It was a case of same old, same old for the Heidenfeld last night. Missing half a team, out-rated by a total of 2512 points – a whole GM down! – we picked up five draws over the night and yet came away with the view that, with a little bit more conviction, we could have won the match outright.
We had rather an inauspicious start – Ger pulled out with flu on Tuesday while a big gangland arrest on Wednesday afternoon put paid to Steven Dixon as he got hit with planning the bail hearing. It took some serious scrambling just to get eight players out! I hoped we’d pick up one point somewhere, but Brendan was far more confident, saying that he felt good about the evening. It was appropriate, so, that he was first to finish, picking up another commendable draw against a 1600+ player; Brendan may even have had the better chances during the game.
On board 7, Michael Kearney was trying to struggle back after a Fried Liver went wrong – from memory, the game went 1. e4 e5 2. Nf3 Nc6 3. Bc4 Nf6 4. Ng5 d5 5. PxP NxP 6. Nxf7 KxN 7. Qf3+ Ke8?? 7. … Ke6 is called for here with a fun position; the text just gives white back his piece with interest. Michael soon found himself a rook down, fought back to win an exchange but was never realistically going to get anything out of the game.
Beside Michael, though, a small sensation was brewing as Dan – who’d jumped in for Steven Dixon at the eleventh hour and who was looking to overcome a mere 601 points rating difference – had lined up queen and rook and smoked his opponent’s king out, picking up a pawn on the way. Alas, that done, Dan consolidated rather than attacked, and ended up giving back the pawn and agreeing a draw. A superb result all the same, but not for the first time in the evening, there was definitely more on offer. Dan’s bemused opponent afterwards commented that he wasn’t entirely sure where he had gone wrong; there was no major turning point or blunder which led to Dan’s attack.
Next to draw was Michael, in a position where I, playing alongside was struggling to really find a move for him. He had N+5 v B+5, three pawn islands to his opponent’s two and the weaker piece; Magus Carlsen would have made Michael suffer as he ground out a win, but Herbert was happy to offer a draw, which Michael readily accepted.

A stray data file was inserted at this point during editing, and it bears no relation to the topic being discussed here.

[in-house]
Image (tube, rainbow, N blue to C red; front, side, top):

That prompted me – playing the “easiest” game of the night, a mere 120 points out-rated – to make a sneaky draw offer of my own; my opponent had earlier confided that he was relying on a bus to get home. We were headed for an endgame where the only real difference was my bishop for knight advantage. The draw offer was refused, and I went on to win a pawn and have two connected passed pawns on the queenside. However, instead of just pushing the pawns to victory, I wasted two tempi on a pointless check which allowed my opponent improve his position just enough to get counter-threats of his own, and ended up settling for a draw. Half point number two of the night had been dropped.
Harry battled all the way in the hopes of reaching an opposite colour bishop ending, but somewhere along the line lost the bishop for a pawn and the game was lost with it. And then at about the same time, draws were offered in the two remaining games.
Ciarán’s game had been quite wild; his opponent – as white – had seemingly accidentally turned a d4 opening into a French advance, and was ill at ease with the position. He castled queenside, where Ciarán already had the startings of a pawn storm, and then threw caution to the wind, leaving a piece hanging to go on a direct king attack. Ciarán went for it, taking the piece while white pointed four pieces at black’s uncastled king. The breakthrough didn’t come, though there were still enough threats remaining so that, when white offered a draw, black accepted. The move Ciarán had planned would have left a roughly level game, but a different move would – says Fritz – left him +6.3. We’ll try and get that game for annotation here.
Nicky’s draw offer was turned down, meanwhile. She was a pawn down, but it was R, B+3 v R, B+2 where the pawns were all on the same side of the board and the bishops were opposite colour. She comfortably held the position and although her opponent won a pawn at the cost of exchanging rooks, the resulting B+2 v B endgame was trivially drawn…until Nicky’s flag fell. Had she claimed a theoretical draw before that, the result would have stood; any appeal to the league controller would have shown that the position was a clear draw. Half point number four had been dropped.
It gets easier from here on in; our next five opponents are those likely to finish bottom-half. We play Rathmines next; they’ve only used three players over 1500 this season, and irregularly at that. We’ve done the hard part spectacularly well; now we need to start winning overall matches to ensure another Heidenfeld season next year.